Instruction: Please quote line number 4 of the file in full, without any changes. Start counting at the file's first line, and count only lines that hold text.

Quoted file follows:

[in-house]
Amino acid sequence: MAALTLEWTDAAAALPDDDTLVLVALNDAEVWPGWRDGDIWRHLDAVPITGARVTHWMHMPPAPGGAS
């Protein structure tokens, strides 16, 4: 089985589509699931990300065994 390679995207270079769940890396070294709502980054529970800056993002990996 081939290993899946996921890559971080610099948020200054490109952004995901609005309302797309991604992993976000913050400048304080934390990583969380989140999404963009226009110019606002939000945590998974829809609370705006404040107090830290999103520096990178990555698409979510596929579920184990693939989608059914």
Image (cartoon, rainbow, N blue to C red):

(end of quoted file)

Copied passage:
Image (cartoon, rainbow, N blue to C red):